Whipped Frosting

Look, I know it’s not cool to talk about eating grocery store bakery cakes on a food blog, but the truth is that sometimes I eat grocery store bakery cakes. Sometimes I buy the little mini cupcakes with the big swirl of buttercream frosting and I scrape the frosting off them all and eat it with a fork. Sometimes, when other people are around, I am all ladylike and take dainty bites. Either way, I eat grocery store baked goods.

My immediate family, thankfully, all prefer the buttercream frosting. It’s so rich, sweet, and delicious. What’s not to love about it?

Some of my extended family do like the whipped frosting from the grocery store best, though. It’s…okay. I mean, don’t get me wrong, I’ll certainly eat it. I would never turn down cake, after all.

The thing is, and brace yourselves because this is shocking, lots of people don’t like buttercream. Lots of strange people. In fact, I think that this is probably proof that aliens do exist. Buttercream hating aliens. Protect your children!

If you are one of those freaks silly people who prefer the less sweet whipped frosting to the diabetic coma inducing buttercream then I have the recipe for you. It looks and feels like whipped cream with just a hint of sugar and butter. I think you’ll love it.

Warning! I’ve gotten lots of emails of success stories as well as many sob stories with this recipe! Be very, very careful not to add your butter in before the mixture has gotten back down to room temperature and DEFINITELY give this recipe a trial run before you plan on serving it to guests. It’s a finicky one and I’d hate for y’all to be disappointed. :)

Whipped Frosting

Whipped Frosting

This Whipped Frosting tastes just like the lightly sweetened version you'll find in most grocery store bakeries. This recipe makes 4 cups of frosting - plenty for a two layer cake!


  • 1 1/2 cups granulated sugar
  • 1/4 cup all-purpose flour
  • 3 tablespoons cornstarch
  • 1/4 teaspoon salt
  • 1 1/2 cups milk
  • 2 teaspoons vanilla extract
  • 24 tablespoons (3 sticks) butter, cut into 24 pieces, softened


  1. Combine the sugar, flour, cornstarch and salt in a medium bowl. Whisk in the milk and pour through a fine mesh strainer set over a medium sized pot. Cook the strained mixture over medium heat, whisking constantly, until it boils and becomes thick. This should take between 5 and 10 minutes and should thicken to the point that it becomes difficult to stir, like a very stiff gravy.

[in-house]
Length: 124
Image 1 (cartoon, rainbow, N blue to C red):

2. Transfer the mixture to a clean bowl and allow to cool to room temperature. Place the bowl in the fridge to cool it down faster if you are in a hurry, but be sure that the mixture is at room temperature (not too warm or too cool!) before adding the butter.
  3. Beat the mixture on medium speed and add the vanilla extract. Beat in the butter one piece at a time until all 24 pieces are fully incorporated, about 3 minutes. Increase the speed of the mixer to medium high and beat the frosting for 5 minutes.
  4. Place the frosting in the refrigerator for about 20 minutes to thicken a bit before frosting your cake.

lightly adapted from Cook’s Country

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66 Responses to “Whipped Frosting”

  1. Janice May 28, 2015 @ 2:18 pm (#

    I have been making this icing for years. It holds up great and is great for decorating. It should be stored on the counter as it is made with butter and butter hardens in the refrigerator. (From experience). It is NOT like a whipped topping such as whipped cream or cool whip. Very good recipe.


  2. Melanee August 27, 2015 @ 5:58 pm (#

    A variation of this that might help some folks – the Make-A-Mix cookbook (expanded edition) on page 282 has the Spumoni cake. My mom used that frosting for dad’s yearly birthday cake as he didn’t like super sweet icing. Each layer a different color and flavor. Yummy. With the cooked milk/pudding base and the sugar/butter add in.


  3. Kim November 19, 2015 @ 2:31 pm (#

    Can you substitute Heavy Cream for the milk in this recipe? I know that in many none baked recipes you can, but am not sure how or if it would work in this case. I’m just curious because I usually have this on hand more than extra milk (the kids REALLY like milk).


    • Karly replied: — November 20th, 2015 @ 7:23 am

      I’ve never tried it and I wouldn’t recommend it. This recipe is already a bit finicky and seems to be tricky for a lot of people. Not sure I’d mess with it, but you can try if you’d like. :)



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